Aufrufe
vor 2 Monaten

bioplasticsMAGAZINE_1404

  • Text
  • Bioplastics
  • Biobased
  • Plastics
  • Materials
  • Composites
  • Products
  • Packaging
  • Carbon
  • Renewable
  • Biodegradable
  • Www.bioplasticsmagazine.com
bioplasticsMAGAZINE_1404

Opinion Mass Balance Can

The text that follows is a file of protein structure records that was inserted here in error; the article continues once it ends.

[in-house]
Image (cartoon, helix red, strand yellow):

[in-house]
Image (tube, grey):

Opinion Mass Balance Can ISSC PLUS certification be misleading – if the bio-based share is not labelled too? Comment by Michael Carus, nova-Institute Bridging the gap to a sustainable bio based economy Comment by Dr. Jan Henke (ISCC PLUS) On 23 April 2014 SABIC announced “that it will launch its first portfolio of certified renewable polyolefins, certified under the ISCC Plus certification scheme, which involves strict traceability and requires a chain of custody based on a mass balance system. The portfolio, which includes renewable polyethylenes (PE) and polypropylenes (PP), responds to the increasing demand for sustainable materials from SABIC’s customers.” Imagine you see the new SABIC PE or PP granulates with the label ISCC PLUS which claims “Certified Sustainability” – what will you think about the product? What does it mean? Are all of the PE or PP granulates themselves “certified as sustainable”? Or is it the feedstock used for the production of the material? The truth is: Neither of them are! The certification applies only to the biomass share of the feedstock and the granulates, without any information on the actual quantity of the share. SABIC uses certified sustainable “animal fats and waste” in their crackers: “We have optimized our technology to allow the production of renewable PP and PE using renewable feedstocks, which are made from waste fats.” But there is no minimum share of biomass required. So even if SABIC uses only 5% (certified) biomass and 95% crude oil for their PE and PP production, the ISCC PLUS label on the granulate still claims “Certified Sustainability” – although 95% of the feedstock and the product are not bio-based and therefore NOT certified as sustainable! We think that this is not a good idea. This could be misleading and can be harmful to the ISCC PLUS label and the companies using it. Some NGOs might (and will) call it green-washing. Is SABIC trying to get a GreenPremium price without having relevant additional costs? We suggest that the ISCC PLUS label – as well as other labels such as RSB – should only be used in direct correlation to the quantified share of the bio-based feedstock which they classify. That means in detail: It has to be clear that the label is only for the bio-based share of the feedstock in the product. That would mean in practice: The bio-based carbon content should always be labelled too – for example using the established label from Vinçotte or DIN CERTCO. Why a mass balance approach for sustainability certification and clear claims are essential The industrial use of bio based resources in particular in the chemical sector is stagnating. To increase their share, sustainable supply chains must be built up. This must be economically viable and sustainable. In the beginning it is only possible with low physical shares in the final product. Opponents of this approach argue that claims should only be made for a high physical share. These demands are out of the ivory tower. They negate the fact that for many producers a direct switch to high physical shares doubles costs or is in practical terms not feasible. The baby would be thrown out with the bath water. The share of certified bio based resources would decline. Under the mass balance approach, companies producing different outputs from the same feedstock (e.g. an integrated chemical site) can allocate the certified sustainable bio based share to only one or several out of all outputs. Under the global sustainability certification system ISCC PLUS there are two major prerequisites to do this: The certified sustainable output volume can never exceed the equivalent amount of certified feedstock. Clear claims must be used. They must reference the mass balance approach and never the physical content, unless this is clearly detectable. In the SABIC case the claim is not “certified sustainability” or “X% physical share of certified sustainable feedstock”. SABIC and their customers must always make reference to the mass balance approach. Other claims shall not be made. To promote the bio based economy it is essential to start with a mass balance Nova-Institut GmbH Hürth, Germany www.nova-institut.de 44 bioplastics MAGAZINE [04/14] Vol. 9